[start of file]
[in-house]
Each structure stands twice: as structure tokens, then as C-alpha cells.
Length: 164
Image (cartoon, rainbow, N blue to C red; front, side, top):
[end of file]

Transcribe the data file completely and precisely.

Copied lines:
[in-house]
Each structure stands twice: as structure tokens, then as C-alpha cells.
Length: 164
Image (cartoon, rainbow, N blue to C red; front, side, top):